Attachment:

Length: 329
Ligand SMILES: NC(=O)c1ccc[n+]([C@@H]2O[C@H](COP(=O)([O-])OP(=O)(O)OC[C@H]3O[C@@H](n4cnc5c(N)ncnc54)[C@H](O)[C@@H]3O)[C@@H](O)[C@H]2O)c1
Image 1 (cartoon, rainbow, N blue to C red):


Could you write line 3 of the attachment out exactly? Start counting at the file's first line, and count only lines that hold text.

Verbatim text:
Image 1 (cartoon, rainbow, N blue to C red):